While I have no doubt that some people saw the film and cheered Travis on in his mayhem, once again, there isn’t a great deal that can be done about individuals already primed to get off on screen violence and who simply don’t care about the context. It’s true that Peckinpah felt, on sitting through one screening of The Wild Bunch, that he had failed to communicate what he had meant to with the film, because instead of feeling sick at the violence some viewers were finding it exhilarating. And it’s true he suffered as a result (though it didn’t stop him doing a gratuitous shoot ‘em up like The Getaway.) I imagine Scorsese had his own moments of doubt about Taxi Driver after the Hinckley affair (or even before it). But the idea of somehow making a film for all people everywhere that will be of any actual worth to anyone is, I think, naïve and baseless. Human experience and perception is far too diverse for that.[1]

Three Circles of Desilet-ion

There are three levels to the John Hinckley, “Taxi Driver-made-me-do-it” narrative so central to Desilet’s condemnation of the film. First up, somewhat superficially but still worth mentioning, is the fact that Hinckley shot President Ronald Reagan, who is as far from an innocent victim as it is possible to imagine. This is not to say that there is a justification for shooting him, only that details such as who is being shot at and why–and what sort of justification there might be for the shooting–ought not to be completely left out of any analysis, especially one that seems partially geared towards moral questions such as social accountability, as Desilet’s is. Simply put, there were beyond any doubt reasons why Reagan was shot that have nothing at all to do with Taxi Driver, and not much to do with John Hinckley Jr., either (as we shall see).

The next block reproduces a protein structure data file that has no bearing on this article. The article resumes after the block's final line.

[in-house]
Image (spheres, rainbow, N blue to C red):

Secondly, why is Desilet–who was involved in political activism in the 1970s–so quick to believe the official version of the John Hinckley assassination attempt on Ronald Reagan? Random shooters–as Taxi Driver itself depicts–don’t generally get close enough to powerful political leaders to do any damage. I realize this goes against the mainstream viewpoint, but I am assuming some degree of political awareness on the part of the reader as regards the extensive evidence that Lee Harvey Oswald, Sirhan Sirhan, or James Earl Ray were very far from being “random shooters.” On the other hand, creating convincing backstories to make trained assassins seem like random shooters or nutjobs is part of the standard operating procedure of domestic black-ops, which means the whole Hinckley-Jodie Foster-Taxi Driver official narrative which Desilet relies on–in this writer’s opinion at least–is most likely closer to a whole-cloth fabrication than historical fact.